Tree of the month: Oak15 Sep
Universally revered, the oak’s special qualities have been recognised since the dawn of time and has been worshipped across religions and cultures for hundreds of years.
Part of our culture
Oak trees produce one of the strongest and hardest timbers, with a high tannin content. Apart from its qualities as a natural building material, it’s also associated with strength and survival – without a doubt, the ancient oak has played an important role in our heritage.
In the past, oak trees served many purposes. For example, oak trees were used to mark parish boundaries as well as to build the churches themselves.
Wine barrels have been made from oak for years to enhance the flavour. Couples would be wed under the boughs of an oak and the festive yule log burnt in the hearth would be traditionally cut from an oak tree.
Oak trees have also played a part in some of the most iconic moments in our history. King Charles II hid from the Roundheads in the branches of an oak after the Battle of Worcester in 1651.
His Restoration Day was celebrated as ‘Royal Oak Day’ and subjects wore oak-apples, twigs and leaves in their buttonholes. Acorns were carried as good luck charms and ‘The Royal Oak’ became one of the most popular names for British pubs.
© Copyright P L Chadwick
An everlasting symbol
The symbolic meaning behind the oak tree has always been that of longevity, stability, strength, tolerance, wisdom, and prosperity. In 1935, the National Trust announced a competition to design a symbol that could be used on signs, notice boards and stationary with a £30 prize available to the winner. Designs had to be either a lion, rose or an oak to represent the English heritage.
The winning entry was an oak leaf designed by Joseph Armitage, a wood carver. Despite numerous updates, the iconic National Trust logo is still a household brand, some 70 years later.
Tree Of The Year competition
Life is long for an oak tree, with some living for hundreds of years. The Bowthorpe Oak in Lincolnshire is renowned throughout Europe for its longevity, having an estimated age of over 1,000 years old.
Many of these ancient trees have their own interesting stories, so it’s no surprise that oaks feature heavily in the shortlist for this year’s Tree Of The Year competition run by the Woodland Trust. Entrants include the Quarr Abbey Oak in the Isle of Wight which has three curved trunks that mimic the shape of the ruin’s crumbled stone archways.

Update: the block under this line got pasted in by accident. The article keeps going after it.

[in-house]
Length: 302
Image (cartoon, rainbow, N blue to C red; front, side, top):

Then there’s the Old Electric Oak in Gloucestershire which has its very own campaign group. They have helped it to survive a very long battle against a very determined power cable since 1938.
The Bruce Castle Oak stands in Tottenham’s first park which opened in 1892 in the grounds of Bruce Castle.
This tree is estimated to be over 450 years old and would have been a young tree when Queen Elizabeth I visited there in 1593.
Music to your ears
The rings found in the trunk of an oak tree can help show its strength, thickness and rate of growth. They can be used to build a timeline of events that may have impacted the tree and its growth over the years.
In his installation called ‘Years’, Berlin-born artist Bartholomaus Traubeck translated trunk data into sound with a record player that plays from tree ‘records’.
No time like the present
Historically it was our primary ship building material until the 19th century and remains a popular material for furniture, joinery, architectural beams, interior woodwork and flooring.
Unfortunately, the key factor is time – oak won’t start producing acorns until it is at least 40 years, and usually takes 100 – 150 years before its timber can be used. This makes it a rather unsustainable material to use.
Sapele is the only hardwood that we use only when truly necessary, for example on door thresholds with a heavy footfall. Most of our products are made using an engineered combination of Redwood, Sapele and Accoya™. Accoya is 100% environmentally friendly, and only takes approximately 28 years to harvest.